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The Ash and The Beech: The Drama of Woodland Change [Paperback]

Richard Mabey
5.0 out of 5 stars  See all reviews (2 customer reviews)
RRP: £9.99
Price: £7.99 & FREE Delivery in the UK on orders over £10. Details
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Book Description

6 Jun 2013

From ash die-back to the Great Storm of 1987 to Dutch elm disease, our much-loved woodlands seem to be under constant threat from a procession of natural challenges. Just when we need trees most, to help combat global warming and to provide places of retreat for us and our wildlife, they seem at greatest peril. But these dangers force us to reconsider the narrative we construct about trees and the roles we press on them.

In this now classic book, Richard Mabey looks at how, for more than a thousand years, we have appropriated and humanised trees, turning them into arboreal pets, status symbols, expressions of fashionable beauty - anything rather than allow them lives of their own. And in the poetic and provocative style he has made his signature, Mabey argues that respecting trees' independence and ancient powers of survival may be the wisest response to their current crises.

Originally published with title Beechcombings, this updated edition includes a new foreword and afterword by the author.

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Product details

  • Paperback: 304 pages
  • Publisher: Vintage (6 Jun 2013)
  • Language: English
  • ISBN-10: 0099587238
  • ISBN-13: 978-0099587231
  • Product Dimensions: 19.6 x 12.8 x 2.2 cm
  • Average Customer Review: 5.0 out of 5 stars  See all reviews (2 customer reviews)
  • Amazon Bestsellers Rank: 63,043 in Books (See Top 100 in Books)

Product Description


"Wonderfully subversive, far-reaching and unsentimental" (Observer)

"Richard Mabey is a man for all seasons, most regions and every kind of landscape" (Andrew Motion Financial Times)

"An elegant and heartfelt essay on mankind's changing relationship with trees" (Sunday Telegraph)

"A leaf-storm of philosophical musings, journeys of mind and body, reflections and anecdotes that imprint the tree on human culture" (Sunday Times)

"A terrific combination of both natural and intellectual history, informed by penetrating insight" (Independent)

Book Description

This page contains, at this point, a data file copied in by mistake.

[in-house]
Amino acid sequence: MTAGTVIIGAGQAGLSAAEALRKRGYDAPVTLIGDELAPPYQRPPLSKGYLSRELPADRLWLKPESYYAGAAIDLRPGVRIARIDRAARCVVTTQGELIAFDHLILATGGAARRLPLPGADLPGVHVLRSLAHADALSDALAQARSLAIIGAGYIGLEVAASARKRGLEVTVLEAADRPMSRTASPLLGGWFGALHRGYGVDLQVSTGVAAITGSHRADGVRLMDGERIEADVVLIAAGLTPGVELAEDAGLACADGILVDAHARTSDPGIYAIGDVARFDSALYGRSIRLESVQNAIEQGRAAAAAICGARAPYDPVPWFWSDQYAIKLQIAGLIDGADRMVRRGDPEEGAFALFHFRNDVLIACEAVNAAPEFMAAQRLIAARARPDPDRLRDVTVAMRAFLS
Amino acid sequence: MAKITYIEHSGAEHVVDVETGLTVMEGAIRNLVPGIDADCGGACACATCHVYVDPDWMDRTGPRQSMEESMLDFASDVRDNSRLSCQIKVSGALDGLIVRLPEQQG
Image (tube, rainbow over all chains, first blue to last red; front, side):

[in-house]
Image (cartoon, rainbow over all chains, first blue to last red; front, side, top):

A timely new edition of Richard Mabey's profound and poetic book, Beechcombings, now updated with a foreword discussing the ash die-back crisis and its impact upon the most significant organisms on the planet: trees.

Inside This Book (Learn More)
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Front Cover | Copyright | Table of Contents | Excerpt | Index | Back Cover
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4 of 4 people found the following review helpful
5.0 out of 5 stars Caution: This is Beechcombings with a new title 15 Sep 2013
Format:Paperback|Verified Purchase
Five stars for the actual content of the book but it's worth being aware that this is Mabey's Beechcombings with a new sleeve/title - something that (irritatingly) I'd missed when ordering.
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5.0 out of 5 stars A.good solid piece of writing 14 Sep 2013
Format:Paperback|Verified Purchase
The book deals with human reaction to trees and some of the problems this can bring about. It suggests taking the long view .
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Most Helpful Customer Reviews on (beta) 2.0 out of 5 stars  1 review
2.0 out of 5 stars Pity that the original pictures are missing 15 Nov 2013
By Simon Esposito - Published on
Format:Kindle Edition|Verified Purchase
This is no textbook, rather (in Richard Mabey's usual approach to nature writing) it is a personal set of essays around British woodland, its meaning and 'construction', and its future.

I did have access to it at my local library, but I thought it would be good to get this updated edition on Kindle. Unfortunately the one week refund window passed before I realized that the photographs and artworks of the original book are missing. This is a great pity because, rather than being 'general illustration', the book's pictures relate closely to the text, very often forming subjects of the book's essays. The original edition had full-page color plates, but I would have been happy enough with Kindle's black-and-white if the resolution was high. Anything really, just to capture the essence of the pictures and get some idea of what you're reading about.

I can't say if the latest paperback edition (if there is one) has done the same thing. But without some effort by the publisher on the pictures, $9.99 is too much to pay.
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